I remember seeing a few ‘Stefan Urquelle’ episodes when I was a kid. I must have grown out of it before they were time-traveling pirates.

Happy Days also changed after Ron Howard left the show, after that Joanie and Chachi became bigger characters and eventually got married and their own show.

I only remember this because I did watch the show from the beginning, and stopped when it became “All Urkel – Al the Time.” (I liked “Perfect Strangers” and this was a spin-off featuring one of the likable secondary characters.)

He was an acceptable minor character, good for a one-or-three time joke, but far too annoying to my taste to watch every week. I guess that meant I had finally aged out of the demographic the advertisers were targetting.

Ohh, look, some nits. Let’s pick them!

I’d say the movie was a one-note teen comedy. I can’t really remember the beginning of the TV series, but I’m not sure it was ever a one-note teen comedy.

Wasn’t Archie’s bar a completely different series/spin-off ?
Does The Daily Show count as a series? Because it’s changed a lot with different hosts.

I think The Simpsons has remained remarkably consistent for such a long-running show. Sure, the first season was kind of rough and tentative compared to later seasons; and sure, the show has had its ups and downs in quality over the years; and sure, there have been episodes, and maybe even whole seasons, that make one wonder if the writers et al lost track of what made the show great. But the show still has the same essential core of characters and settings; and the show is still capable of turning out episodes that wouldn’t have been out of place well over a decade before. When a good new episode airs, there will be at least a few people who opine, “That felt like classic-era Simpsons.”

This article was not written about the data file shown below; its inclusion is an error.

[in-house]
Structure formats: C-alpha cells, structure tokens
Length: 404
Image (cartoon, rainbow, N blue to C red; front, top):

Happy Days has been mentioned, but not for its major change in tone from the first two seasons when it was a single camera, almost cinematic, more serious show to a multi-camera/filmed before a live studio audience show. Fonzie was human and kind of sad (the Christmas show where he lied about having family and was alone eating beans from a can) and there was even an episode where we learned Mrs. Cunningham was a bigot. When it went to multi-camera live audience, it became a “woo-woo” (as in where the audience “woo-woo’s” entrances and kissing and stuff) show with magic Fonzie and goofy sitcom situations.

That’s simple madness. Amy Acker was the best thing about the series. However, I’ll agree that neither Wesley nor Gunn was worthy of her.

LOVED Duet. In a weird sort of way. And, me too on seeing Ellen first on OH.

Here’s my candidate: Two Guys, a Girl, and a Pizza Place. Started out centered in said pizza place, where said two Guys (Ryan Reynolds and Richard Ruccolo, yum on both counts) worked. David Ogden Stiers was a “regular” at the restaurant and sat alone at a table with a beer mug. The guys lived with their best friend from college, the said Girl (Suzanne Cryer). Second season, Stiers is gone. By the time the series was over, the Pizza Place was as dim memory, the show name had changed to Two Guys and a Girl, Ruccolo was with (engaged to?) Traylor Howard, Reynolds was hooking up with the insane-but-loveable woman who lived across the hall (Jillian Bach), and Cryer was living in the basement apartment with the super (Nathan Fillion, doubleyum).

I liked that show, and it was my first exposure to the boy actors, whom I’ve continued to adore. It’s a shame it has not yet made it to DVD.